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The Messers. Lumière at Cards (1896)

Partie d'écarté (original title)
Two men play cards, as a third watches and a waiter brings drinks. The third man pours drinks as the waiter laughs.

Director:

Louis Lumière
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Cast

Credited cast:
Antoine Féraud Antoine Féraud ... Valet
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Storyline

Three men sit around a table at a terrace outside a bistro. Two of them are playing cards, while the third calls the waiter by knocking at the table. The waiter arrives, receives the order, and is swiftly back, carrying a tray with a bottle of wine and three glasses. While the third man fills the glasses with wine, the waiter follows the card game with great interest, applauding and laughing loudly. The three men raise their glasses and toast. The two card players put more money on the table and continue their game. Written by Maths Jesperson {maths.jesperson1@comhem.se}

Plot Summary | Add Synopsis

Genres:

Documentary | Short

Parents Guide:

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Details

Country:

France

Release Date:

23 February 1896 (France) See more »

Also Known As:

The Messers. Lumière at Cards See more »

Company Credits

Production Co:

Lumière See more »
Show more on IMDbPro »

Technical Specs

Runtime:

Sound Mix:

Silent

Color:

Color (hand-colored)| Black and White

Aspect Ratio:

1.33 : 1
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Did You Know?

Trivia

Lumière Catalogue no. 73. See more »

Connections

Featured in The Magic of Méliès (1997) See more »

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User Reviews

 
Family movies: A window to different era...
26 April 2007 | by jluis1984See all my reviews

On December 28, 1985, the Lumière brothers showed a new invention to the world, able to project motion pictures in a screen, in the same way as slide-show photographs were done. Lumière's movies showed the common events of real life as they were captured by their camera and brought to life by the Cinématographe; the thirty-three people who saw their movies for the first time watched in awe as people walked through streets or played cards as if the photograph projected on the screen was alive. It is often said that photographs are captured memories of the past, that allow us to revisit moments long gone and to witness events from a distant time and place. Well, if cinema is basically moving photographs, the same thing can be said about it, as when Louis and August Lumière decided to experiment with moving pictures, their principal motivation was to capture real life as they knew it. And they more than succeeded in their attempt.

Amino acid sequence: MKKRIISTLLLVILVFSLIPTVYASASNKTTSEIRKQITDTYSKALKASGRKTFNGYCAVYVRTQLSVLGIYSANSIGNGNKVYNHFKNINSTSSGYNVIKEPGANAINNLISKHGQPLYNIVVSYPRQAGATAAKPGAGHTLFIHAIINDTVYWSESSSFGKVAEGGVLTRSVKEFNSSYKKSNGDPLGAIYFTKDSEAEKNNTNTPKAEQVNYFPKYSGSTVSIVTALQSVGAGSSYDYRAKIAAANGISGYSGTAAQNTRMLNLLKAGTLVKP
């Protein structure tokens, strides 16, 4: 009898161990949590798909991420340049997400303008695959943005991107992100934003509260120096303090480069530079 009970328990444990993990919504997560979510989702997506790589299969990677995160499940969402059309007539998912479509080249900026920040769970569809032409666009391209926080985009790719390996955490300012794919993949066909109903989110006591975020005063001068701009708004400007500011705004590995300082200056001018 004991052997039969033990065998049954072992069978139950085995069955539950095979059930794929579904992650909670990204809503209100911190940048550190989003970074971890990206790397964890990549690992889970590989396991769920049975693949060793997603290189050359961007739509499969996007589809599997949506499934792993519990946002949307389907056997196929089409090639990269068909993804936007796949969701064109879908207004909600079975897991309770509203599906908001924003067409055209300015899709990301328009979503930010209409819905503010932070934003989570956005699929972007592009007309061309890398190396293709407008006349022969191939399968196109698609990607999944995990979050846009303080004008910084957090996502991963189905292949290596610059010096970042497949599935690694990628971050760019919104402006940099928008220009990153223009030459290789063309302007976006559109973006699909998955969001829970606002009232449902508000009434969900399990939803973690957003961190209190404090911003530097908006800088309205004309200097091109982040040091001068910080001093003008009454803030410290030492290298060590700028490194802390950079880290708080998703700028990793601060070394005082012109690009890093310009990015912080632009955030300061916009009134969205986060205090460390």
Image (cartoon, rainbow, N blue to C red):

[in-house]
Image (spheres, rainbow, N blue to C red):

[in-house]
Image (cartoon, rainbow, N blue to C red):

On that first screening, the brothers showed 10 movies, but many more moves were done for future screenings. "Partie De Cartes" (literally, "Card Game") was one of those made to follow that initial success. What made "Partie De Cartes" different to most of the Lumière's actuality films, is that in this movie, the focus is not in showing movement, but on the capture on film of the characters and their actions. While many of the early films by the pioneers were done focusing on moving elements (trains, traffic, etc), this movie was about capturing a relaxed family scene, like a vignette or a modern family vacation film. "Partie De Cartes" is about a game of cards played between Antoine Lumière (the brothers' father), Félicien Trewey and Alphonse Winckler, while a waiter (Antoine Féraud) brings them drinks and comments on their game. While it has not really a plot, it is a charming scene that reflects the filmmakers' life and times.

Like "Repas De Bébé" ("Baby's Meal"), "Card Game" is a movie that contrasts sharply with the Lumière's style of film-making, but at the same time it complements it. Considering that both were photographers besides being inventors, it seems natural that this kind of vignettes were among the first movies done by the duo, as they perfectly understood the potential of cinema as an innovative form to capture memories with a higher realism than photographs. On a strictly technical level, "Partie De Cartes" is one of the best looking movies among their early films, and one could say that while no artists, the brothers had a pretty good idea of what would later be called "Mise-en-scène" (the overall visual composition), as they really set the camera in the best place to capture the action. While lacking the strong initial impact of their first movie ("La Sortie Des Usines Lumière") or the creativity of "L' Arroseur Arrosé", this Lumière movie is really interesting as one of the very first family movies ever made. 6/10


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